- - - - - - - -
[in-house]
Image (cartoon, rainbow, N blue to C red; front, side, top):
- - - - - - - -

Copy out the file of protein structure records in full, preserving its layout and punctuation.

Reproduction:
[in-house]
Image (cartoon, rainbow, N blue to C red; front, side, top):